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Analysis: Crusaders' classic shape allows individual skill to shine

We take a look at the Kiwis’ 2-4-2 shape, which has been adopted by Pat Lam’s Connacht.

DESPITE LAST WEEKEND’S defeat away to the ultra-clinical Highlanders, Todd Blackadder’s Crusaders remain top of Super Rugby’s New Zealand conference.

Israel Dagg The Crusaders lost out to the Highlanders last weekend. Source: Photosport/Dianne Manson/INPHO

The Canterbury-based franchise, seven-times winners of the competition, have been a pleasure to watch so far this season, with their simple shape in phase play allowing a talented group of players to demonstrate the full range of their attacking skills.

The Crusaders – and Canterbury rugby – are known as the fathers of the 2-4-2 shape in rugby union, with this structure being a longstanding part of their tradition that is handed down from generation to generation.

We have studied Connacht’s ever-improving use of 2-4-2 under Pat Lam this season, but it’s on New Zealand’s south island that the structure originated in rugby union.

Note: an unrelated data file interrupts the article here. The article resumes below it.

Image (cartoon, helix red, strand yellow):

Blackadder is a Canterbury man born and bred, so it would have been a shock to see the Crusaders move away from this shape at any stage of his reign.

With Blackadder focusing on defence this season, attack coach Tabai Matson has been tasked with ensuring that their lofty standards don’t drop when the Crusaders have possession, and the results so far have been positive.

Zones

Above we get an overview of the 2-4-2 shape on the pitch. With the backline players removed from the picture, it’s quite clear how the forward pack sets up in phase play.

Two players occupy the left-hand 15-metre channel, four forwards are in a central position and the other two members of the pack hold in the right-hand 15-metre channel.

With the Crusaders, the central pod of four forwards is almost always made up of the two props and two locks. That leaves the three back row players and the hooker to make up the two-player pods on either edge.

The set-up above, with the flankers in one wide pod and the number eight and hooker making up the other pod, is very common for the Crusaders but there is fluidity in all of this too.

For example, the set-up below could fall into place depending on where the possession has originated or what strike move the Crusaders have used off set-piece.

Fluid Zones

Obviously, there are a number of other combinations of positioning that can occur and it’s notable how comfortable the Crusaders’ players are with that.

With many of them having been brought up with this shape as a central part of their rugby education, the majority of their players have an in-depth understanding of what is involved. Even when there are personnel changes to the starting XV, the system remains.